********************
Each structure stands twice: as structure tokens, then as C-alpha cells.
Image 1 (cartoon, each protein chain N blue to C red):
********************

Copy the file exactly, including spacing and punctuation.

Each structure stands twice: as structure tokens, then as C-alpha cells.
Image 1 (cartoon, each protein chain N blue to C red):